Glass Books #2 ~ Setting?

by Gordon Dahlquist

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Re: Glass Books #2 ~ Setting?

Unread postby Lucky13 » Tue Jan 06, 2009 9:13 pm

Like Theresa, I thought I missed it and then became frustrated when I couldn't locate it. Possibly it was meant to be a "mystery" and each reader would use their imagination to create the perfect location. I guess I never really thought about definite location........
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Re: Glass Books #2 ~ Setting?

Unread postby Jennak » Tue Jan 06, 2009 10:49 pm

IngridN wrote:The author wanted to be free of specific boundaries so it would be easier for him to make things up without too much investigation.

For me the setting of the story is East Anglia and it’s coastline. I already had that thought from very early on in the book and East Anglia has salt marshes too!!

Also when you want to cross the sea by Zeppelin to Macklenburg (which in my imagination is the historical state of Mecklenburg, nowadays called Mecklenburg Vorpommern in North Eastern Germany) the east coast would be the best place to take off. Across the North Sea over The Netherlands to Mecklenburg in one straight line.

This region also makes sense because Doctor Svenson talks about the Baltic states which are A bit futher to the north east.
:blush:


This was the general impression I had too. I visualize Mecklenburg as Svenson's home. Also, his name being nordic would fit with that location.

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Re: Glass Books #2 ~ Setting?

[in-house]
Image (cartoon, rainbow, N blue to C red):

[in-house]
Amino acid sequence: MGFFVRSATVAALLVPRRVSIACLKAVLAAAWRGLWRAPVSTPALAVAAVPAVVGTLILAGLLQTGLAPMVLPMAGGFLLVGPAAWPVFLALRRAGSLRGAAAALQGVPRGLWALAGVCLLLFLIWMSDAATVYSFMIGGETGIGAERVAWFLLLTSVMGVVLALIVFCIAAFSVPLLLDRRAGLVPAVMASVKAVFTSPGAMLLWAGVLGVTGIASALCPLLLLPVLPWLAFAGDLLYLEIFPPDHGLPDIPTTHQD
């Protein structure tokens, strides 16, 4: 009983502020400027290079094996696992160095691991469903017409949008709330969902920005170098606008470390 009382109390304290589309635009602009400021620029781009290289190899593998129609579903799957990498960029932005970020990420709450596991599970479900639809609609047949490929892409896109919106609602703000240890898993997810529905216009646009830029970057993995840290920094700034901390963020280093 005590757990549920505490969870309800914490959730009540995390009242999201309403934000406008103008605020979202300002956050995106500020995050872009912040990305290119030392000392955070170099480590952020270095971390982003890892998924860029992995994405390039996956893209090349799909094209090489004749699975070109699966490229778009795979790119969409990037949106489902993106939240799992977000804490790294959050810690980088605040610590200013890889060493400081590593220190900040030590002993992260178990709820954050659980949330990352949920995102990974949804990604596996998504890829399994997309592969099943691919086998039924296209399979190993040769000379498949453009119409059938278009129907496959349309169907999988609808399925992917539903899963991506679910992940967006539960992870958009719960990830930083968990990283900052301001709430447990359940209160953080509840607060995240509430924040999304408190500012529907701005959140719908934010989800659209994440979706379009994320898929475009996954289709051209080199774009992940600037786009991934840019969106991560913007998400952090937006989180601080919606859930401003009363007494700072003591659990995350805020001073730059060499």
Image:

Unread postby gemini » Tue Jan 06, 2009 11:21 pm

Liz wrote:I, too, thought that the setting was in England, at first. But then as I continued to read my mind would go to places like Belgium, Luxumburg or Austria. I had a hard time with the fact that it is imaginary. When it comes to settings, I have this unusual need to have a realistic frame of reference to be able to visualize it in my mind as I read it.

This Glass Books trailer was just emailed to me this morning from Bantam Dell Publishing Group. Perfect timing for this question, as it gives us a visual.




[youtube]TN4iRRGBLvE[/youtube]



While I was perusing your post with the link you providied of the trailer Liz, I found myself drawn to the photo of the next installment "The Dark Volume". and went in search of a book description. I found several at book clubs and amazon. I have a thing for reading all the books in a series. I am dying for some closer but....... I am afraid there will also be a 3rd book.

Some comments I disliked..in The Dark Volume reviews.......
Spoiler! :
The book manages to be even more epic in feel than Glass Books, too, partly because the heroes (as they often are in book two of trilogies) have gone their separate ways and are converging on their desperate denouement

Some made me want to go buy it............
Spoiler! :
I never thought I could love Cardinal Chang more than I did at the end of the 1st book, but I do now.


As for the lack of known cities and places in Glass books the Dark Volume was described as

But Dahlquist's secret is that, while he focuses on the fantastic, he makes excellent use of sporadic references to reality (various places around Europe are named for example). Somehow this makes the darkness even more disturbing.
Last edited by gemini on Thu Jan 08, 2009 12:47 am, edited 2 times in total.